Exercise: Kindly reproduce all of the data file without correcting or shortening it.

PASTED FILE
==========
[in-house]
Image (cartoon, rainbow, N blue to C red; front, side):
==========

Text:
[in-house]
Image (cartoon, rainbow, N blue to C red; front, side):